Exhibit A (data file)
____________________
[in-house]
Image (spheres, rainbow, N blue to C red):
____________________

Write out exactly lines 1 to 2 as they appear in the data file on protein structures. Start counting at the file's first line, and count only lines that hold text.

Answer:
[in-house]
Image (spheres, rainbow, N blue to C red):